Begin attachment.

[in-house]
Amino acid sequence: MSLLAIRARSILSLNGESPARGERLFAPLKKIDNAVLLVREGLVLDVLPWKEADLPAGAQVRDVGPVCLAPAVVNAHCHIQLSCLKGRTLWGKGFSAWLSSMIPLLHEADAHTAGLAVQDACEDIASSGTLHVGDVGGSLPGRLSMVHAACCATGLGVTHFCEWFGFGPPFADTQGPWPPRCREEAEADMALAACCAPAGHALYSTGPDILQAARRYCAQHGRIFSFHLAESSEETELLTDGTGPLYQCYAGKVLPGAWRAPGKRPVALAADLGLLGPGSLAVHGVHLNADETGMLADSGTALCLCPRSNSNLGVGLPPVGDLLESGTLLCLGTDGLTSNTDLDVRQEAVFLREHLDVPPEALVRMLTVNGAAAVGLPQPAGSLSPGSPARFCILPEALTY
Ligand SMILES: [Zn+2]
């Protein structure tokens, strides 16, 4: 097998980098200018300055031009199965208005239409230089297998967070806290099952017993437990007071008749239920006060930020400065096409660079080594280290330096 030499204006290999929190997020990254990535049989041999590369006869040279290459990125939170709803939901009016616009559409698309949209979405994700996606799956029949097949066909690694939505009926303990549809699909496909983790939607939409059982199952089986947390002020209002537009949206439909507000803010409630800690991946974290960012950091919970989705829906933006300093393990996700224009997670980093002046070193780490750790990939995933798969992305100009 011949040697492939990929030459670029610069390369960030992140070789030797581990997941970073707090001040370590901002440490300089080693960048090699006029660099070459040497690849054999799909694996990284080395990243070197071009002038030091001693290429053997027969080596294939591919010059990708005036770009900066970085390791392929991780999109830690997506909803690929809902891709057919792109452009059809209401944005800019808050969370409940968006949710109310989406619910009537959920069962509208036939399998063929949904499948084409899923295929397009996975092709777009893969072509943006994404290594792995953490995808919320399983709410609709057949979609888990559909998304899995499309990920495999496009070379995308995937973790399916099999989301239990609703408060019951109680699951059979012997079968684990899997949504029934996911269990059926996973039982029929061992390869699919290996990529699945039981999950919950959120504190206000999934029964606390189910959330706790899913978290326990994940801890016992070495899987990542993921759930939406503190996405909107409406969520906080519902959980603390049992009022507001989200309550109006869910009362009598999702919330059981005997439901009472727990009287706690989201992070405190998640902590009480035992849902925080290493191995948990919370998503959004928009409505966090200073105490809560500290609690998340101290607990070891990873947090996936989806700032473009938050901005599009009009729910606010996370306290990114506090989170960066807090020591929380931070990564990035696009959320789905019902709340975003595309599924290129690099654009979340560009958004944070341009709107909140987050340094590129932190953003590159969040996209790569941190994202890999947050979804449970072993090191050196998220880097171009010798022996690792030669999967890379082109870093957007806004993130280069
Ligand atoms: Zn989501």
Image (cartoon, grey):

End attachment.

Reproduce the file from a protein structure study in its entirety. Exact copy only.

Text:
[in-house]
Amino acid sequence: MSLLAIRARSILSLNGESPARGERLFAPLKKIDNAVLLVREGLVLDVLPWKEADLPAGAQVRDVGPVCLAPAVVNAHCHIQLSCLKGRTLWGKGFSAWLSSMIPLLHEADAHTAGLAVQDACEDIASSGTLHVGDVGGSLPGRLSMVHAACCATGLGVTHFCEWFGFGPPFADTQGPWPPRCREEAEADMALAACCAPAGHALYSTGPDILQAARRYCAQHGRIFSFHLAESSEETELLTDGTGPLYQCYAGKVLPGAWRAPGKRPVALAADLGLLGPGSLAVHGVHLNADETGMLADSGTALCLCPRSNSNLGVGLPPVGDLLESGTLLCLGTDGLTSNTDLDVRQEAVFLREHLDVPPEALVRMLTVNGAAAVGLPQPAGSLSPGSPARFCILPEALTY
Ligand SMILES: [Zn+2]
């Protein structure tokens, strides 16, 4: 097998980098200018300055031009199965208005239409230089297998967070806290099952017993437990007071008749239920006060930020400065096409660079080594280290330096 030499204006290999929190997020990254990535049989041999590369006869040279290459990125939170709803939901009016616009559409698309949209979405994700996606799956029949097949066909690694939505009926303990549809699909496909983790939607939409059982199952089986947390002020209002537009949206439909507000803010409630800690991946974290960012950091919970989705829906933006300093393990996700224009997670980093002046070193780490750790990939995933798969992305100009 011949040697492939990929030459670029610069390369960030992140070789030797581990997941970073707090001040370590901002440490300089080693960048090699006029660099070459040497690849054999799909694996990284080395990243070197071009002038030091001693290429053997027969080596294939591919010059990708005036770009900066970085390791392929991780999109830690997506909803690929809902891709057919792109452009059809209401944005800019808050969370409940968006949710109310989406619910009537959920069962509208036939399998063929949904499948084409899923295929397009996975092709777009893969072509943006994404290594792995953490995808919320399983709410609709057949979609888990559909998304899995499309990920495999496009070379995308995937973790399916099999989301239990609703408060019951109680699951059979012997079968684990899997949504029934996911269990059926996973039982029929061992390869699919290996990529699945039981999950919950959120504190206000999934029964606390189910959330706790899913978290326990994940801890016992070495899987990542993921759930939406503190996405909107409406969520906080519902959980603390049992009022507001989200309550109006869910009362009598999702919330059981005997439901009472727990009287706690989201992070405190998640902590009480035992849902925080290493191995948990919370998503959004928009409505966090200073105490809560500290609690998340101290607990070891990873947090996936989806700032473009938050901005599009009009729910606010996370306290990114506090989170960066807090020591929380931070990564990035696009959320789905019902709340975003595309599924290129690099654009979340560009958004944070341009709107909140987050340094590129932190953003590159969040996209790569941190994202890999947050979804449970072993090191050196998220880097171009010798022996690792030669999967890379082109870093957007806004993130280069
Ligand atoms: Zn989501």
Image (cartoon, grey):